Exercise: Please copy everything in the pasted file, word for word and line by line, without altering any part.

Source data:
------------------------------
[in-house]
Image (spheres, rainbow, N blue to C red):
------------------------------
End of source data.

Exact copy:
[in-house]
Image (spheres, rainbow, N blue to C red):